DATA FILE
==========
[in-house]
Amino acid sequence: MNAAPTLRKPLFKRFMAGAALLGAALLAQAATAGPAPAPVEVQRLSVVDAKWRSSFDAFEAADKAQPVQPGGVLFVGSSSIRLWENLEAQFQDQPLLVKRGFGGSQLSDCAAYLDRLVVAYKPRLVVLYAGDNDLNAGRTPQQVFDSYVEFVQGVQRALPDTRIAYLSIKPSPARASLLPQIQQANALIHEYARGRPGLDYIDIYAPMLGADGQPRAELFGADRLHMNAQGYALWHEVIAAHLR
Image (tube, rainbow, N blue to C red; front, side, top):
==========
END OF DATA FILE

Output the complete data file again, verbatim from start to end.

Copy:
[in-house]
Amino acid sequence: MNAAPTLRKPLFKRFMAGAALLGAALLAQAATAGPAPAPVEVQRLSVVDAKWRSSFDAFEAADKAQPVQPGGVLFVGSSSIRLWENLEAQFQDQPLLVKRGFGGSQLSDCAAYLDRLVVAYKPRLVVLYAGDNDLNAGRTPQQVFDSYVEFVQGVQRALPDTRIAYLSIKPSPARASLLPQIQQANALIHEYARGRPGLDYIDIYAPMLGADGQPRAELFGADRLHMNAQGYALWHEVIAAHLR
Image (tube, rainbow, N blue to C red; front, side, top):